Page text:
According to the National Trust, England’;s wettest-ever year is likely to have been ‘an apocalypse for some wildlife’;. Nest-building, breeding and feeding have often been difficult, with normal behaviour patterns interrupted. Birds, bats and insects have all been affected, and most at risk are species with small and isolated populations.
The often forgotten factor in these stories is that plants and animals have evolved over millions of years to cope with good times and bad. Their presence demonstrates their success. In the very long term many species will successfully evolve before declining and becoming extinct. During this natural process the weather from year to year, or even decade to decade, should not be an issue. The real problem is the ways and the speed at which the human species has changed the world and continues to do so. An example of this year’;s difficulties is that many puffin burrows have been washed out, preventing young being raised. This is less threatening to puffins than the shortage of the small fish they eat, like sand eels, which appear to have been almost fished to extinction themselves for use in fish meal products.
Closer to home the rise of intensive farming in the 20th Century, air and water pollution, and habitat loss and damage have affected wildlife populations far more profoundly than any extreme weather will ever do. Populations of, if not individual, animals and plants are programmed to survive heat, cold, drought and flood; they cannot survive the loss of their food sources or the places needed to complete their life-cycles. Where populations have become smaller and more isolated, recovery from bad years is much more difficult than it would otherwise be.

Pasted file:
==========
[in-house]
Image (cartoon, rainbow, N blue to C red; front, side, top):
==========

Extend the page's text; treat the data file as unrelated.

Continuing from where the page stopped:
What the natural world is really in danger from therefore is the lack of political will to care for it and to take it into account when making major decisions. The Coalition Government wanted to be the greenest Government ever, an aspiration no one thinks it has come anywhere near to achieving. In any case the proponents of this were thinking more about energy, transport and resource consumption than about nature conservation. In this country and others almost every reform proposed to improve the environment or help nature is fiercely opposed by the business and growth lobbies.
No wonder then that we shelter behind a bit of bad weather instead of tackling the real issues. Rain is the problem now; back in May the Guardian was saying that the end of the drought was really good for wildlife, with a headline on 4 May ‘Wet Weather helps ailing wildlife in England and Wales’;. No doubt whatever weather 2013 brings we will continue to use it to mask the very real long-term damage inflicted on the natural world by our modern lifestyles.